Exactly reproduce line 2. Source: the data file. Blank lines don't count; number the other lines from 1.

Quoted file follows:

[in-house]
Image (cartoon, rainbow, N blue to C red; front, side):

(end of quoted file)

Image (cartoon, rainbow, N blue to C red; front, side):